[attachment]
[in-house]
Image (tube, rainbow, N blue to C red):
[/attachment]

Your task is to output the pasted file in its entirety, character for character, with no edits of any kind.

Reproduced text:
[in-house]
Image (tube, rainbow, N blue to C red):